Haunting beauty spot named 'UK's Bermuda Triangle' just over an hour from Stoke-on-Trent

Photo of the aircraft wreckage of the B29 Superfortress bomber on Bleaklow
Picture: Jane Smith TOGS - Pictures of the week - POTW Theme: #greatestadventure We asked the Togs this week to submit photos from what was their Greatest Adventure of 2021 Subject: discovering the aircraft wreckage of the B29 Superfortress bomber on Bleaklow in June. -Credit:Togs - Jane Smith

While the Peak District conjures up images of rolling hills and stunning landscapes - it also provides stark echoes of the past. And just over an hour away from the Potteries is Bleaklow Moors, near Glossop - dubbed 'the UK's Bermuda Triangle'.

The remains of the infamous Bleaklow Bomber are still there. Manchester Evening News reports that this aircraft, known as "Over Exposed", had previously been used to photograph nuclear testing at Bikini Atoll. It was a modified version of a Boeing B-29 Superfortress, the type of bomber that dropped atomic bombs on Hiroshima and Nagasaki in August 1945.

The aircraft had been intended to land near Warrington, but it's believed that the pilot, thinking they were clear of the hills, began descending prematurely, their vision obscured by dense cloud. All 11 crew members and two military passengers perished in the crash.

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The plane tore apart on impact, scattering debris over the hills with only the tail section remaining intact. The morning after the wreck, the bodies of the crew and passengers were recovered and taken to RAF Burtonwood.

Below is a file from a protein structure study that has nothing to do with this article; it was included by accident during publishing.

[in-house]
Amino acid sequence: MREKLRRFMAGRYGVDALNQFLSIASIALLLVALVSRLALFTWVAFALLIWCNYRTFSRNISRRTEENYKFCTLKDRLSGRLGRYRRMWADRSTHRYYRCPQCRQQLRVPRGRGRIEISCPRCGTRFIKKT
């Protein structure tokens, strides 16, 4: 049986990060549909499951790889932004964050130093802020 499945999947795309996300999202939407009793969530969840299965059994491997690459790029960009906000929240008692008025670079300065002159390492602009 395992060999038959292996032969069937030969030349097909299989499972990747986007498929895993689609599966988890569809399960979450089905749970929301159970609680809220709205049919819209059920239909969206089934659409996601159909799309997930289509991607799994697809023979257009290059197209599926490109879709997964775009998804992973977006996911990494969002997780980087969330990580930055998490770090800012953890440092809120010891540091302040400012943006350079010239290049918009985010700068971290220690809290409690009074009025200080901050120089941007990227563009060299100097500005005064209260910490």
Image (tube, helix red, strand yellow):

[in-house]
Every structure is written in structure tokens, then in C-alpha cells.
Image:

At the time of the crash, the aircraft was carrying $7,400 in wages for the airbase. The money survived the fire and was found at the crash site by military police.

The B-29 Superfortress 'Over Exposed' isn't the only aircraft to have met its end on the Bleaklow Moors. There were eight plane crashes (including the B-29 Superfortress) on the moors between 1939 and 1956, claiming the lives of 50 people.

It's the sheer volume of tragedies that has led to this area of the Dark Peak being dubbed the UK's Bermuda Triangle. However, the number of plane losses has been put down to a combination of things - including the number of nearby air bases, rugged terrain and difficult weather conditions, making the area something of a hazardous zone for military aircraft in the early to mid-20th century.

Forty years later with much of the twisted wreckage still exposed around the site, a memorial was placed at the site with a plaque in memory of those who died in the Bleaklow Bomber crash. The memorial plaque reads: "It is doubtful the crew ever saw the ground."

There are a few routes to reach the plane crash site - one is by walking along the Pennine Way from Snake Pass. Also worth visiting while you're on Bleaklow are the higher and lower "shelf stones", a brief uphill walk from the crash site.

These massive rocky ridges offer some of the finest views of the Peak District, overlooking Glossop and towards Manchester. The Higher Shelf Stones also marks the third-highest summit in the Peaks.

However, be aware - in wet conditions, the path to the summit (and to the Bleaklow Bomber) can become extremely marshy, making the footpath difficult to navigate. It's advisable to reserve this walk for a sunny week, or a crisp winter's day, rather than a drizzly one.

It is worth noting that whenever you go for a hike in the Peak District you must make sure to familiarise yourself with the route, pack the correct equipment and clothing, and be aware of appropriate contact details in case of emergencies. We want to share some of the best places in the national park to explore and we urge people to do so safely.

Read about the best ways to prepare for a safe Peak District hike on the Edale Mountain Rescue Team website.

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